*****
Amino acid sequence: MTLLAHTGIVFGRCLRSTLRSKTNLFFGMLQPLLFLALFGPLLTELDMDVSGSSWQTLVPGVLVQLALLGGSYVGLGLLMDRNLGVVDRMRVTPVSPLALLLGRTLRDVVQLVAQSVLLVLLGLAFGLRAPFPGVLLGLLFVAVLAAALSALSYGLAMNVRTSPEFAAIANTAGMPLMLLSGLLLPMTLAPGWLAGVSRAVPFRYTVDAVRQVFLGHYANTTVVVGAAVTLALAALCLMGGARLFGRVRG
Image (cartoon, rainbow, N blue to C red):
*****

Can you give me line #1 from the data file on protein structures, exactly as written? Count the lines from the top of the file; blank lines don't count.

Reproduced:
Amino acid sequence: MTLLAHTGIVFGRCLRSTLRSKTNLFFGMLQPLLFLALFGPLLTELDMDVSGSSWQTLVPGVLVQLALLGGSYVGLGLLMDRNLGVVDRMRVTPVSPLALLLGRTLRDVVQLVAQSVLLVLLGLAFGLRAPFPGVLLGLLFVAVLAAALSALSYGLAMNVRTSPEFAAIANTAGMPLMLLSGLLLPMTLAPGWLAGVSRAVPFRYTVDAVRQVFLGHYANTTVVVGAAVTLALAALCLMGGARLFGRVRG